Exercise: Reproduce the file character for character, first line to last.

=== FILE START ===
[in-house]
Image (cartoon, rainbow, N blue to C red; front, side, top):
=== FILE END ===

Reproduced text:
[in-house]
Image (cartoon, rainbow, N blue to C red; front, side, top):